Heath’s $3 billion tax increase: Open for business?" />

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Heath’s $3 billion tax increase: Open for business?

Posted by Kelly Maher on August 23rd, 2011
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Colorado state Sen. Rollie Heath, D-Boulder, argues that a $3 billion tax increase for education would send the message that Colorado is “Open for business.” I think it’s more like putting up a “Closed” sign.

Here’s what Heath said at his Aug. 1 press conference, marking the delivery of more than 142,000 petition signatures for a November ballot issue that would raise income and sales tax rates for five years.

“So now let me ask you for a moment, just to think ahead with me to Nov. 2 and this initiative has just passed,” Heath said. “I truly believe that the headlines across the country will be, ‘Colorado votes to break with the pack…and to reinvest in education and jobs.’ Can there be, can there be, a better message to send to the rest of this country, and to the world that Colorado, is truly open for business? I don’t think so.”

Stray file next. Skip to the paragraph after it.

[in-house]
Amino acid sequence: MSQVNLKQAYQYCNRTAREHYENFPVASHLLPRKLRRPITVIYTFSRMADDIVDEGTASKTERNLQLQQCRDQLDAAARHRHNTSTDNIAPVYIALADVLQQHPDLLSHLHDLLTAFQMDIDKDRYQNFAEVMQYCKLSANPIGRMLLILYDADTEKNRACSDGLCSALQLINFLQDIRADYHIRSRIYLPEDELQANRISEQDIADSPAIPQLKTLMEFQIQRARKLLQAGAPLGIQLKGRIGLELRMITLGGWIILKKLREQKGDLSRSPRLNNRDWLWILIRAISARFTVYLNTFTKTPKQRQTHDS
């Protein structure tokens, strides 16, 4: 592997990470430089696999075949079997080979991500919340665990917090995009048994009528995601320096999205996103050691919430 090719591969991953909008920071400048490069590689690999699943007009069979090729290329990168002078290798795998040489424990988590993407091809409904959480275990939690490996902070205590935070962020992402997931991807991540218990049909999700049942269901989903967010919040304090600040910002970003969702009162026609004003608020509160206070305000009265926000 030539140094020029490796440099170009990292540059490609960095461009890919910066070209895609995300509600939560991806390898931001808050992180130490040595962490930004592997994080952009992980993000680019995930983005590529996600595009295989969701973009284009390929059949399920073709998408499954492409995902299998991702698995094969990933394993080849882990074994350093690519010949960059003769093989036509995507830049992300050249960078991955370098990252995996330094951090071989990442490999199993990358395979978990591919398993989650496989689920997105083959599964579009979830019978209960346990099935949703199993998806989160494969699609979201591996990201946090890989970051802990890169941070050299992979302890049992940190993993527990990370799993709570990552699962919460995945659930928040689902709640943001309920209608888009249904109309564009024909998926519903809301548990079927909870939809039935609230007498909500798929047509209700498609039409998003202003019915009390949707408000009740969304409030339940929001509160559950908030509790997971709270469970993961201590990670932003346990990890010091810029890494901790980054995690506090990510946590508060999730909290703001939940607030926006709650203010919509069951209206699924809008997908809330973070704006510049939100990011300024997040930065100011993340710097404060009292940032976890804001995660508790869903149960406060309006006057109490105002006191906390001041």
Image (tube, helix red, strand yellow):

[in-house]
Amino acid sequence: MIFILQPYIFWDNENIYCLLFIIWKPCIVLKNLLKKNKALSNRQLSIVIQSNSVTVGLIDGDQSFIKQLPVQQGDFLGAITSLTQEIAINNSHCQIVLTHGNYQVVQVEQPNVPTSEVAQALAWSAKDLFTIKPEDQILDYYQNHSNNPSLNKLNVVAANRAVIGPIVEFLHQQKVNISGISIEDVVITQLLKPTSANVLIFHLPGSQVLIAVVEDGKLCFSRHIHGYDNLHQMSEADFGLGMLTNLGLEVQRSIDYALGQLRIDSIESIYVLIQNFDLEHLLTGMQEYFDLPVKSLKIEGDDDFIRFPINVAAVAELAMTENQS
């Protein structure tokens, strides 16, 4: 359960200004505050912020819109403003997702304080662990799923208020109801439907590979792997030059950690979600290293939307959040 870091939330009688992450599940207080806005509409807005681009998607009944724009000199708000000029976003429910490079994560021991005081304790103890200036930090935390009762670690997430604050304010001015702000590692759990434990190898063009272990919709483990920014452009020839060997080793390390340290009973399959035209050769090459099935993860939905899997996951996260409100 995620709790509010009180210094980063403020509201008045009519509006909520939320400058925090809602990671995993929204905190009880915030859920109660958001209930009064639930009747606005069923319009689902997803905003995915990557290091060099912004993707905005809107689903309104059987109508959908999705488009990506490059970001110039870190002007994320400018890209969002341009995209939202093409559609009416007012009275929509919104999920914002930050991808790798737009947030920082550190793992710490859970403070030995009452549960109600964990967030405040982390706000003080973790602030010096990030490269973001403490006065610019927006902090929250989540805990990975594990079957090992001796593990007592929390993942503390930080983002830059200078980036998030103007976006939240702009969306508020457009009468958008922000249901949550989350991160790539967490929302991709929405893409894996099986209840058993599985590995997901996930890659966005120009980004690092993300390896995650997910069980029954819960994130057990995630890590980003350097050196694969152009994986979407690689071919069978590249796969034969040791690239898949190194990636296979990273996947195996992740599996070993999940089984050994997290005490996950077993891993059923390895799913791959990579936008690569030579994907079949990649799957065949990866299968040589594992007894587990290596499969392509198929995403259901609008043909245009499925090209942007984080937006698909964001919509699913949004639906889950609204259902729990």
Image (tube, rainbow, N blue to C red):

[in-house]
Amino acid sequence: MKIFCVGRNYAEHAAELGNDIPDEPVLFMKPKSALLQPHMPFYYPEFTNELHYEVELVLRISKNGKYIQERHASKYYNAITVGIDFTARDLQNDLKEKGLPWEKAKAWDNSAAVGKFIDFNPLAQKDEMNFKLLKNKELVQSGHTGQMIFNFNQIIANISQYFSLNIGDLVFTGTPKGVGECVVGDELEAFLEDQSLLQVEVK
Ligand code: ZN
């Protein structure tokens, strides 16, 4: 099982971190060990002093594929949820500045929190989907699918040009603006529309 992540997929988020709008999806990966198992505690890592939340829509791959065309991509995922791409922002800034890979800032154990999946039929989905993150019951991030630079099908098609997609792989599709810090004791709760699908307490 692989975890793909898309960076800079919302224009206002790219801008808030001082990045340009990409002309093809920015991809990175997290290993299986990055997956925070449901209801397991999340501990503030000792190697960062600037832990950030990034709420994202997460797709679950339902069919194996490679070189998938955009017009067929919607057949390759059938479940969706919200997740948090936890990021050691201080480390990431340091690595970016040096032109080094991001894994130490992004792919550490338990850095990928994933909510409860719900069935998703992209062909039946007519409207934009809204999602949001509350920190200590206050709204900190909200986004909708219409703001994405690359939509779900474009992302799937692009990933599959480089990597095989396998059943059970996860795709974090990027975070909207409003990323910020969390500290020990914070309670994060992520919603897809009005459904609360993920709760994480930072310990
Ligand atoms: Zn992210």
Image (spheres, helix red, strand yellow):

Open for business? Is a tax increase the way to convey that Colorado is truly open for business? The Common Sense Policy Roundtable released a report in April that the higher taxes would be a job killer:

“The reduction in growth rates over time indicate that the Heath Measures will reduce employment by 30,500 by 2017,” according to the analysis by Eric Fruits, Ph.D., of Economics International Corp.

Heath said at a committee hearing in April that in recruiting companies, “They don’t ask you about taxes. They ask us about your education, they ask you about your infrastructure. You don’t get asked taxes ’til way down the line.”

With Coloradans facing an 8.5% unemployment rate and a tough economy, this may be the worst time to enact tax-and-spend policies.

To say now that a tax hike is the best way to send a message that Colorado is “open for business” is not only disputed by economic analysis, it sounds like nothing but a sales job. Are you buying?

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  • Post by Kelly Maher on August 23rd, 2011

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